The Second Amendment to the United States Constitution acknowledges the right of the people to keep and bear arms. The exact meaning of this phrase remains unresolved and hotly debated. The Supreme Court has not yet defined what this phrase means in practice.
What Does the Second Amendment Say?
The Second Amendment states, “[a] well regulated militia, being necessary to the security of a free state, the right of the people to keep and bear arms, shall not be infringed.” The Supreme Court has not provided many decisions regarding the meaning of the Second Amendment.
Does the Second Amendment Apply to the States?
The Supreme court ruled in 2010 that the Second Amendment right to bear arms applies to the states. Because of this, state gun control laws across the United States are being questioned with regards to their constitutionality.
The Supreme Court provided few indications as to what types of gun restrictions would be considered constitutional and which would not be considered constitutional. These laws will have to be processed through the judicial system in order to narrow down the specifics of their constitutionality.
How has the Supreme Court Interpreted the Second Amendment?
The Supreme Court ruled in 1876 that the Second Amendment only applies to limit the federal government. This means, according to second amendment law, that the rights that are granted by the Second Amendment can be limited by state governments.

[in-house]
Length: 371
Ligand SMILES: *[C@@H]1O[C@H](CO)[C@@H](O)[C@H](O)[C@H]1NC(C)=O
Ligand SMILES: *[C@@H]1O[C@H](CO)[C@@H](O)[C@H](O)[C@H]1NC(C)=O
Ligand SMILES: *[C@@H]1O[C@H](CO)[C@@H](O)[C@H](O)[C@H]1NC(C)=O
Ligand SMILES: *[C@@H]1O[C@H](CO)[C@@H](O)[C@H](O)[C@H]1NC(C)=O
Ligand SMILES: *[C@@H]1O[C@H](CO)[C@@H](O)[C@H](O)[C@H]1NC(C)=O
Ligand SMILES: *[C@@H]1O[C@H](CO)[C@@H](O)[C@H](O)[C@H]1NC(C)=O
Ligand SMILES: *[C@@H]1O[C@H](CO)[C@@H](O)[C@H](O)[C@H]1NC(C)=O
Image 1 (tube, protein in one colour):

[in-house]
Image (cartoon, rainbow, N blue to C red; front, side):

The Supreme Court held in 1939 that the purpose of the Second Amendment was to protect the continuation and effectiveness of state militia organizations. This decision struck down the concept that there was an individual right to bear arms which is separate from the promotion of a state militia.
In 2008, the Supreme Court rejected the argument that the right to bear arms was only related to a militia. It held that the second Amendment creates a right for an individual to possess a gun for self-defense, at least in their home.
In 2010, the Supreme Court held that the Second Amendment right to keep and bear arms applies against state governments. In 2016, the Supreme Court held that the Second Amendment applies to stun guns.
The Supreme Court has also indicated that the Second Amendment continues to allow for limits on guns, including:
- Not permitting all individuals to possess a weapon, such as withholding the right from felons;
- Not permitting guns to be carried everywhere, such as sensitive locations, including schools and government buildings;
- Restrictions on the sale of guns;
- Banning certain types of guns, such as short-barreled shotguns; and
- Outlawing concealed weapons.
Is There an Individual Right to Bear Arms?
Many states have created an individual right to bear arms in their state constitutions pursuant to the Second Amendment. Currently, all but six states have a constitutional right to bear arms. These include:
- New jersey; and
- New York.
It is important to note that even though a state may allow an individual to carry a firearm, there are often limitations and regulations. For example, an employer may prohibit guns in the workplace but guns in the parking lot laws may permit an employee to keep their firearm in their personal vehicle, so long as it is secured.
Some employers require employees to give notice that they carry a firearm in their vehicle or to provide proof of their right to carry the firearm, such as a state permit. Currently, employees will most likely be required to comply with these requests.
What about Gun Advocates and the Right to Bear Arms?
There are two general categories of individuals who debate regarding the right to bear arms:
- Pro-gun advocates, who support the right to bear arms; and
- Gun control advocates, who desire to limit the right to bear arms.